Group life insurers may have to accept not having a separate pool
By Arthur D. Postal and Matt Brady
Momentum continues to grow in Congress for passage this year of legislation extending for two years the Terrorism Risk Insurance Act, including a provision incorporating group life under the federal reinsurance umbrella.
However, the group life industry lobbied hard but unsuccessfully last week to include in the legislation a provision providing a separate pool for group life.
As a result, the industry has decided to accept the provision for a “clean bill” as privately agreed upon by Senate and House staffers, but industry representatives said they will work next year to win a technical change in the legislation providing a separate pool for the group life industry.
“Our main goal is to get group life insurance included in TRIA,” said Jack Dolan, a spokesman for the American Council of Life Insurers, which is working on the issue. “However, we recognize that time is running out in this Congress and we may have to wait until the next Congress before ironing out the details on how the program will work for group life and property/casualty.”
Dolan said, “We think there should be separate pools; we are making the case for that right now, certainly hoping that it can be addressed in this Congress, but if not, we will seek to have the issue revisited next year.
“Having a co-mingled pool just doesnt seem like the best idea if there is another catastrophe,” Dolan said.
The desire of Congress and the White House for a so-called “clean bill” with no separate pool for group life will raise the amount of loss that the companies must pay before federal help kicks in, industry officials in Washington said.
Group life industry officials were so concerned that the heads of group life units interrupted their schedules to “fly in” to Washington, D.C., last week to seek support for a separate pool for group life companies from members of Congress and the White House.
Companies particularly affected are such firms as The Hartford and AIG, which have both life and p-c affiliates. The way the system currently operates, life and p-c premiums would be lumped together, thereby raising the deductible each company would have to absorb before federal aid kicked in.
A markup on such legislation is scheduled Sept. 29 before the full House Financial Services Committee, and broad bipartisan support is expected. The plan is then to move the bill through the House within the following 10 days, probably through the suspension calendar, according to Julie Gackenbach, assistant vice president, government relations, for the Property Casualty Insurers Association of America.
Rep. Mike Oxley, R-Ohio, chairman of the committee, indicated recently that enactment of the bill had become a priority for his panel.
“Rep. Oxley, by moving this quickly through the normal committee process, and on to the floor, is retaining all of his legislation options for moving the bill this year,” Gackenbach said.
Equally important, strong support for the legislation was evident as the Senate Banking Committee held a hearing on insurance regulation Wednesday. All senators except the chairman, Sen. Richard Shelby, R-Ala., voiced support for the bill. Shelby had indicated earlier in the week that he wanted to hold off action until next year because he wanted to hold a hearing on the issue. But, given the near-unanimous show of hands when members of the panel were asked to indicate their support for the bill by Sen. Charles Schumer, D-N.Y., it appears the chairman will go along with passage this year.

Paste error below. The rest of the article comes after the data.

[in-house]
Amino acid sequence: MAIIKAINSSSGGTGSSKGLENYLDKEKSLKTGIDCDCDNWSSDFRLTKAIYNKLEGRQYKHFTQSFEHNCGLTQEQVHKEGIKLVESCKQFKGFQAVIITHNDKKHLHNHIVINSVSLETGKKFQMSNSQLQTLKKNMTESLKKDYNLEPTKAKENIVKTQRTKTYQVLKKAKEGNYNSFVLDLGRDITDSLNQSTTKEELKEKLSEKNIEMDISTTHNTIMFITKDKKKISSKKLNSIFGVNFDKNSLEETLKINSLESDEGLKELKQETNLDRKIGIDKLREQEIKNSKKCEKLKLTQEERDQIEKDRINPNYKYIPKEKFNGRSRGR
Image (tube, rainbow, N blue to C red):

Only J. Robert Hunter, insurance director of the Consumer Federation of America, raised his hand when Sen. Schumer asked during the hearing who opposed extending TRIA.
“Senators get it that this needs to be done, and it needs to be done expeditiously,” Gackenbach said. “Our preference is to move this bill as soon as possible; were moving into some pretty significant dates for people seeking to negotiate new contracts. So, the earlier we can complete this action the better it is for policyholders and insurers.”
The bill to be taken up by the House committee was introduced in July by Reps. Richard Baker, R-La., chairman of the Capital Markets Subcommittee of the panel, and Pete Sessions, R-Texas. It would extend the current TRIA legislation for two years, retaining the 15% individual company retention level scheduled to go into effect Jan. 1, 2005 through 2006, and increase that to 20% in 2007.
Similar legislation has been introduced in the Senate by Sen. Robert Bennett, R-Utah, and Sen. Chris Dodd, D-Conn. The only concern with the bill is that it provides “no soft landing,” that is, there will be a hard cutoff date of Dec. 31, 2007, meaning that insurers extending contracts during 2007 would retain responsibility for paying claims during the period in 2008 until the contracts expire even though the federal backstop would no longer be availablethe same problem the industry is concerned with now. “It doesnt solve that problem,” Gackenbach said.
New York Insurance Superintendent Greg Serio, representing both the state and the NAIC as its chairman of the Government Affairs Task Force, also discussed the issue during the hearing. Serio said that “nothing more important” can be done than extending TRIA. “Time is of the essence in terms of promoting and moving TRIA along.”
Reproduced from National Underwriter Edition, September 23, 2004. Copyright 2004 by The National Underwriter Company in the serial publication. All rights reserved.Copyright in this article as an independent work may be held by the author.